The growing frustration with airlines is affecting air travel more than ever

For anyone who flies frequently, it’s fair to say that air travel is just not good. With long waits at security, lost bags, increased security fees, and wading through crowding, we Americans have developed a distaste for flying. I experienced all of these annoyances on my recent flight from Washington, D.C., to San Antonio: missed connections, abuse of the airline gate agent, and closed cabins. Here’s a look back at my frustrations:

* Security line waits stretch to an hour. The change from old-fashioned to magstripe uniforms was the result of a cost-cutting decision made by a revenue-producing checkpoint management system. That resulted in thousands of overweight bags being left behind by airlines and airports who have lost revenue by not paying their baggage handlers. Security lines in London have already surged to the maximum capacity of 90 minutes, with delays often running longer than that.

* “You’re not going to seat me anywhere close to the other guy. You’ve got to put me in an aisle seat, or else I’m going to kick the (expletive) out of you.” Somebody called me “a bam bam” and I was being told that, if I were sitting in the coach section, I would have to sit in an aisle seat. I ended up sitting in a three-seat row that, except for the inspector sitting behind me, were nearly shoulder to shoulder. That meant I was sandwiched between two extra people.

* The woman in front of me had already driven 40 minutes to the airport, had checked her bag into the gate, and had already deplaned. This was the scene every time I went through security, even though I had a 30-pound bag to check: I was stuck in an interminable security line with a line that was so long it took two minutes to walk back to my gate. How is this possible?

* People have to be told to fill out check-in lists—the airlines think they have power over the TSA, so they are stopping people at the security checkpoint to ask for their confirmation number. If a passenger has to fill out a list at the gate, he or she is then stopped again at the security checkpoint.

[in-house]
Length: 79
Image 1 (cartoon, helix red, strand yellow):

* When I had to go through “interiors” at security (basically, the outbound security line), the lane was so long I looked over my shoulder for a second to make sure no one was following me.

* The main aisle was overflowing with people. How did these people get in the beginning of the line? It’s impossible to keep track of where people are in the security line, but common sense tells us that everyone should be in the main aisle, rather than in the middle or in a tiny section of one of the two bathroom stalls.

* The woman at the front of my flight had missed the boarding pass. They were only printed on some airplanes and they used to be the only way that people with disabilities had to show their boarding passes to their gate agents. Now they are the first thing that someone has to show to any agent. The number of special passengers on planes has been tremendously increased in the last few years, so I suppose there was a convenient means of quickly printing a boarding pass on an airline with standard paper boarding passes.

* Cancellations have become common enough that the crews put notices up the day before flights to say that the airline would like your seat, but they’re not obligated to give it to you.

* The airline posted one of the old-fashioned I.D. charts in the captain’s galley, right by the toilet paper. I looked it up and it basically said, “We’re canceled and we will give you your money back.” We never got our money back, but we did get a $75 voucher toward another air ticket.

It’s not that you can’t always make it on time or get a free meal. We expect these sorts of things from our workplaces, where someone is always checking in all our documents. The airlines can always improve in the area of customer service, and better now than ever since air travel is getting more uncomfortable. Airlines just don’t know how to handle that.

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